A Detailed look at Double-doubles

Phil Walsh
Apr 22 · 6 min read

Over ninety-five percent of all double-doubles are points and rebounds. Centers and forwards collect seventy percent of them.

Last week Amber Rolland, one of our Twitter followers, asked us for a breakdown of double-doubles by position.

Some quick background, in case you’re new here: when talking about double-doubles we’re looking at numbers from five individual statistical categories: points, rebounds, assists, steals, and blocked shots. Whenever a player posts double-digit results in any two of those categories, that’s called a double-double (and while we’re here, we’ll mention that triple-doubles and quadruple-doubles are exactly what they sound like). The most commonly achieved double-double involves points and rebounds, and that is referred to as a conventional double-double. We’ll refer to any combination other than points and rebounds as a non-conventional double-double. And Amber’s question is, if you categorize double-doubles by player position (guard, forward, center), what do you find?

Her Hoop Stats collected data from over 5,300 Division 1 games for the 2018–2019 season. Sifting through that data reveals 3,882 double-doubles. When we break those down by position, we find that forwards accounted for the majority of double-doubles this season (59 percent), while guards recorded just half as many (30 percent) and centers accounted for 11 percent.

NCAA D1 double-doubles, by position

The most common double-double was points and rebounds, and forwards — the players positioned to grab most rebounds — accounted for almost twice as many double-doubles as guards. Centers seem slightly underrepresented here — I would have expected them to have roughly half as many double-doubles as forwards, but they actually accounted for less than 1/5 as many. This can be at least partly explained by the fact that some teams don’t play a traditional C-F-F-G-G lineup. As one example, UConn’s starting five this season was F-F-F-G-G.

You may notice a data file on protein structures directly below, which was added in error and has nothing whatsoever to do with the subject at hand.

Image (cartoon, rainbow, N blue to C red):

As I mentioned earlier, “double-doubles” isn’t a monolithic grouping. There are actually ten different types of double-doubles. In this season’s data we found 166 double-doubles that were not the points and rebounds type. Those 166 non-conventional double-doubles represent slightly more than 4 percent of the total.

Conventional vs. non-conventional double-doubles

Of the nine possible types of non-conventional double-double, only five occurred this past year: points and assists, points and blocks, points and steals, rebounds and assists, and rebounds and blocks. (Extra-credit points here for anyone who can identify the remaining four types of double-double!)

Non-conventional double-doubles, by type

The points and assists category accounts for almost 93 percent of the non-conventional set. (And we can now see that just two types of double-double constitute 99.7 percent of the overall total: points and rebounds with 95.7 percent and points and assists with 4 percent.)

Although centers and forwards rack up most of the conventional double-doubles, it’s almost all guards who record the rest.

Non-conventional double-doubles, by position

Of the 166 non-conventional double-doubles we found, guards owned 160 of them, forwards garnered 5, and only 1 was recorded by a center (that lone center was Channon Fluker of CSUN, who scored 18 points and blocked 11 shots against San Diego State in a game in early December. When you add in her seven rebounds that night, she was just three boards shy of a triple-double).